Here is what I think we should do:

    Be more lovingly confrontational – I see, in Sydney, a lack of eyeball to eyeball theological discussion where people say things like “I have heard you say that. Did I get that right?” or “I think you are wrong on this issue and you need to repent and teach correct doctrine!” Instead of this kind of frank discussion where things come out on the table we generally talk behind peoples backs or we talk at conferences about what these people are believing to be the next “silver bullet.” Now this begs the question have I been lovingly confrontational? To my defence, I think I have confronted the people that I think are guilty of the theological errors I have outlined in the previous three posts. I hope these brothers do come away with the fact that I am concerned about the gospel and not some macho point scoring exercise. Hell is too real, Jesus is too amazing and the truth too precious for stupid school boy games like that. We do need to work hard at being loving as we confront our brothers and sisters who we think have strayed theologically. This is something I have to continue to work on please pray for me in this area.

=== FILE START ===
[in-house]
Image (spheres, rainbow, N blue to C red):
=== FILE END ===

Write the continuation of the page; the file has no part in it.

Be abreast of what is happening theologically outside of Sydney – that means we will have to read books and not just blogs and have to keep our ear to the theological ground. This takes hard work, discipline and time but as shepherds we need to do this crucial work.

    Train the next generation of leaders – the trajectories that we are on will not come to flashpoints until ten or twenty years down the track. Therefore it is crucial that we work hard at training the next generation of leaders of the church. But not just train them in how to think about ministry, we need to work hard at training them in how they are to think theologically about theological issues of the day. I am surprised at how few internships in Australia have a significant reading component. As Christian leaders we need to be training up the next generation of Christian leaders. What are you doing to train the next generation of leaders?